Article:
The Arch of Augustus in Rimini was consecrated to Emperor Augustus by the Roman Senate in 27 BC. It is the oldest remaining Roman arch. It marked the end of the Via Flaminia that connected the city of Romagna to the capital of the empire, then merged into today's Corso d'Augusto, the maximum decumanus, which led to the entrance of another street, the Via Emilia.
The Malatesta Temple, usually referred to by the citizens as the Duomo and from 1809 became a cathedral with the title of Santa Colomba, is the main place of Catholic worship in Rimini. Completely renovated under the lordship of Sigismondo Pandolfo Malatesta, with the contribution of artists such as Leon Battista Alberti, Matteo de 'Pasti, Agostino di Duccio and Piero della Francesca, it is, although incomplete, the key work of the Renaissance in Rimini and one of the most significant of the Italian fifteenth century in general.
The bridge of Augustus and Tiberius, commonly known as the Tiberius bridge, is a monument of Rimini from the era of ancient Rome. It served as a bridge over the Marecchia River, when its course had not yet been diverted. Its construction began in 14 AD under the government of Augustus while the end of the work took place in 21 AD, under the government of Tiberius. Today it is present in the emblem of the city.And it is the last piece of the Via Emilia.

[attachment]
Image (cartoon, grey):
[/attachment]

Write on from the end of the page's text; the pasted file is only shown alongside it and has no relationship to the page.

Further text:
The domus of the surgeon is a Roman dwelling from the second half of the II century, discovered in Rimini in Piazza Luigi Ferrari in 1989 and opened to the public on December 7, 2007. Inside it was found one of the most complete series of surgical instruments of Roman age, now preserved in the Museum of the city of Rimini.
The Castel Sismondo of Rimini takes its name from its creator and builder, Sigismondo Pandolfo Malatesta, at that time lord of Rimini and Fano. Today's structure remains nothing more than the central nucleus of the castle, which was originally defended by a further round of walls and a moat.